I’m glad I read your upyr trilogy, but I’ll admit to experiencing some fatigue towards the end.   As I was reading the last hundred or so pages of Saving Midnight, I remembered thinking that it was almost like I was at the last mile of a marathon- or what I imagine a marathon would be like.   And while the marathon may ultimately be rewarding, it’s not always an enjoyable experience.

C+

:) Joonigrrl

This book can be purchased at Amazon or in ebook format from Sony or other etailers.

REVIEW: Breaking Midnight by Emma Holly

REVIEW: Breaking Midnight by Emma Holly

Dear Ms. Holly:

When I first decided to read and review your latest upyr trilogy, I had the idea that I would write a single review of all three books together. Two paragraphs in, I realized I was going to need more space than a single review allowed.

Breaking Midnight begins shortly after the ending of the first.   While Edmund was attempting to come to terms with himself and his relationship with Estelle, he is suddenly gifted with enough power to transition to Elder. During this transition, he is captured by Li-Hua and Frank, two unpredictable and very dangerous vampires.   Li-Hua and Frank chain him up, torture and starve him in an attempt to learn the secrets that only Elders know: how to change a human into an upyr.

Meanwhile, Estelle, Sally, Graham and Ben are doing their best to look for Edmund.   One night, Estelle dreams that she’s with Edmund, although a thinner Edmund than she’s used to.   After a few more dream visits, Estelle begins to realize that these aren’t simple dreams at all. Despite her best efforts, she struggles to uncover clues as to his location.

After closing Kissing Midnight, I was a little concerned where the second book would go. I wasn’t sure I could take more of just the Edmund/Estelle and Sally/Ben relationships.   Thankfully, book two introduces Pen Anderson, the daughter of Graham’s former boss at MI5.   Pen’s a prickly, independent young woman. Although she has always liked Graham, she doesn’t really think all that highly of him either.   Convinced that Graham needs her help in finding Edmund, she thrusts herself into the middle of the FitzClare family crisis regardless of whether anyone actually wants said help.

But Graham isn’t the same reliable, mild young man anymore.   Believing that the best way to help find his father is to become upyr, Graham turns to Edmund’s biological son Robin for help.   The change to vampire creates subtle but compelling differences with Graham: he’s taller, better looking, more commanding, and more confident.     And what he doesn’t need or want is his former boss’s annoying daughter involving herself in Fitz Clare business.

Like the other relationships, there’s not much anticipation or build up before Graham and Pen are jumping in bed. Or, rather, on the floor of a train.   Together, Pen and Graham find in each other the perfect sexual partner.   They can express their desires and needs to each other in ways they having never been able to share with anyone else.   Outside of bed is another story.   When not tearing each other’s clothes off, Pen and Graham are two very guarded individuals. Trust doesn’t come easily for either of them.     Pen is a bit of a mystery in book two, but for Graham, he is still dealing with the betrayal from his handler at MI5 and how easily he was fooled into turning against his father.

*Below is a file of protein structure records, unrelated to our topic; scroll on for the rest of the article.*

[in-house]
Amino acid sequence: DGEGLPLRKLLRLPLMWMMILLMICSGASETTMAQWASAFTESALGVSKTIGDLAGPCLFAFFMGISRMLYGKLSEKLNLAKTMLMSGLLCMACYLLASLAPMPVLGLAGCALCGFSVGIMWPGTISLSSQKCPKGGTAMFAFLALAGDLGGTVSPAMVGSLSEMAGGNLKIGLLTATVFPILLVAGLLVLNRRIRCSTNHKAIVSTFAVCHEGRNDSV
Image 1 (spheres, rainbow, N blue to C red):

Breaking Midnight also introduces Durand, rogue upyr and mercenary. Durand somehow ended up working for Li-Hua and Frank, and is assigned to guard Edmund.   Durand is an odd combination of honorable and ruthless. It’s that hint of honor which is at odds with his current employment.   I liked this mysterious upyr quite a bit. In fact, whenever the point of view shifted back to Edmund, it was about Durand I was more interested in reading.

Of the three, Breaking Midnight was the most difficult to finish, and the one that took the longest.   Perhaps that’s because I found Edmund’s angst at the end of the first book and his subsequent capture a little contrived.   For me, his imprisonment by these two vampires was a little hard to follow for an entire book.   Breaking Midnight also features the rather convenient dream waking scenes so that Estelle is able to pin point Edmund’s location and narrow the search.   Of course, it also allows them to have sex even while they’re thousands of miles apart.   I probably could have done without the latter.   By the second book, Estelle and Edmund had become my least favorite couple and that’s including the icky brother sister Ben/Sally pairing.   It’s not that I disliked them. I just found them rather tedious.   I was glad that you shifted the book’s focus to Graham and Penelope and looked forward to learning more about where their relationship would progress.

C+

:) Joonigrrl

This book can be purchased at Amazon or in ebook format from Sony or other etailers.